Last year I saw an interview with TV personality Fearne McCann. She spoke of her refusal to being branded a “single Mum”, about how just being a Mum should be enough and it made me think a lot about my own views on being a single mum.
I have no issue with being called a single mum. I’m a mum who is single so why should the wording bother me. What I do have an issue with is the stigma that surrounds this. Not for the first time there seems to be a spate of negative posts about Single Mum’s on social media. The generalisation is this, that we
“Sponge off the government and spend tax payers money on nights out and ASOS orders, while looking for a new daddy for our children while sitting around watching Loose Women in our free new builds”
The truth is, yes some single Mum’s do this but so do some married parents and Men and Women who don’t have children.
Believe it or not a lot of us never chose to be a single mum, not all of us popped out babies for extra benefits. I know girls who became single Mum’s at 17 years old who have worked their arses off the same as everyone else ever since. I also know girls who are on their 3rd/4th/5th kid without ever setting foot in the staff room of any job!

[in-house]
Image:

I would happily show my bank statements to anyone who thinks all single mum’s get lots of free money. The majority of what I have comes from what I earn at work, I pay my own rent, childcare and bills. I do get child support from my ex and some tax credits that top up what I earn but I don’t expect a medal for providing for and making sacrifices for my children, that’s being a parent, single or not. I’m not ashamed that I get help because of my situation. I save for nice things and am lucky enough to get some nice things from companies for a bit of online promotion now and then.
Here are some facts…
- Nearly a quarter of all UK families are single parent ones. Funnily enough some of the people posting these negative things were raised in single parent families, take a lead from the likes of Barack Obama and Adele and celebrate single parent upbringings instead of slating them.
- 68% of single parents are in work
- Yet 47% of children in single parent families live in relative poverty (it’s not all Disneyland and PlayStations )
Dating as a single mum is difficult, people have either that slummy single Mum view or assume you want to give them a couple of kids that aren’t theirs for life! My children have a Dad so that isn’t a priority for what I look for in a relationship. It’s great if someone can accept and fit in with your lifestyle but I aren’t looking to palm them off with a ready-made family after one date. That’s if you ever get the chance to meet anybody with said ready made family in tow at all times!
So feel free to call me a single Mum, to be honest there’s an awful lot worse I’ve been called! Just remember that we are very much like the rest of society…a whole range of people who are vastly different. Also if anybody would like to pay for me a Disneyland trip or my ASOS wish list I’d accept being called a sponger!